It started with a fluke, but Pete Sears and Hyatt have been purposeful ever since
Hometown: Carmel, Indiana
Occupation: Group president of the Americas for Hyatt Hotels Corporation
Family: Wife, Leigh; sons Charlie, 8, and Dylan, 6
Education: Bachelor of Science, Purdue University
It’s funny how things come to fruition. If a certain hotel employee had shown up to work on the day a young Pete Sears sat eagerly awaiting his interview, he may have gotten the job, worked all summer and been on his way to a career as the executive vice president of a competing hotel brand. Or, he may have left that job at the end of the summer with a bad taste in his mouth, and returned to school with an entirely different academic focus in mind.
But the employee never came to work that day to conduct the interview Pete’s uncle had arranged for him, so Sears, a college student in search of a summer job, left the lobby and walked into nearby Hyatt Regency Chicago. With no interview scheduled and no knowledge of a job opening, he approached the front desk, and 3 1/2 hours and several interviews later, walked out with a job that began the following day.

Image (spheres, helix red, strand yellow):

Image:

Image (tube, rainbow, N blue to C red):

“It’s like it was meant to be,” a reflective Sears says. “It was fate.”
Sears would spend the summer of 1986 as a front desk clerk at the hotel. When summer was over, he returned to Purdue University in West Lafayette, Indiana, where he earned a degree in restaurant, hotel, institutional and tourism management.
From left: Trina Camacho-London, Pete Sears, Kevin Hodder, Carlos Cabrera
The Making of a Leader
Sears is not one to boast about the impression he left after just a couple of months working at the front desk. But soon after he returned to school, his boss at the hotel contacted Hyatt’s college recruiting team and insisted they find Sears and encourage him to interview for the corporate management training program. Before long, Sears was on his way to San Antonio to train.
“When I started as a trainee, my aspiration was to be a GM—which is an amazing job,” Sears says. “It was the entrepreneurship and the opportunity to run your own business and impact your teams’ lives—I moved fast and I moved a lot with Hyatt, and over time, those goals changed.”
Sears with wife, Leigh, and sons, Charlie and Dylan
Despite being a public company, Hyatt is a “family-run company and a company of family,” Sears says, which is why he, like many other Hyatt veterans, have never diverted from the brand.